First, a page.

The Right Office

As we recover from the 2014 US elections, well we political advisors anyway, potential candidates are planning for 2016. The near certainty that a woman will be on the US presidential ticket in 2016 will provide inspiration for women around the country. A strong woman (insert: Hillary Clinton)at the top of the ticket will provide generous coattails women candidates down the ballot. Our inboxes and voicemails are beginning to log inquiries from women exploring the possibilities. I screened just such a call yesterday. After giving me a little background on her professional experience and community involvement I asked her to thoughtfully consider the following questions before making her final decision.

      1. Are you a consensus builder?
      2. Do you like making unilateral decisions and seeing them carried out?
      3. Are you a good manager?
      4. Are you patient and willing to work at a project for extended periods of time?
      5. Are you stimulated by debate that may at times be contentious?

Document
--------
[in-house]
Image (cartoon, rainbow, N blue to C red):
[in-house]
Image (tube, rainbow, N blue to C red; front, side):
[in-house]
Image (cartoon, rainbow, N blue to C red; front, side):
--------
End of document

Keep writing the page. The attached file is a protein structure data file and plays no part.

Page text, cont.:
Prospective candidates think about what they want to accomplish if elected but don’t often give much thought to the mechanics of the job. If her answer to questions 1, 4 and 5 are yes then I advise her to consider running for a legislative seat, a commission seat or council seat. Consensus building and patience are necessary to get anything done in a deliberative body where decisions are made based on the votes of the majority. If her answer is yes to questions 2 and 3 then she is a better candidate for an executive office. The offices of governor, mayor, county executive, county CEO or city council president are all executive offices. They all require management of the cabinet or administration that actually does the day to day business of the city, county or state. There is debate over whether serving in political office should be a career but the reality is that elected officials often make a career of serving in office. If a candidate is planning to run and wants to make a career for herself in public service she should make an inventory of your skills and assess her style of leadership. She should set herself up for success in office by choosing an office that allows her to put her skills, experience and past to the highest and best use.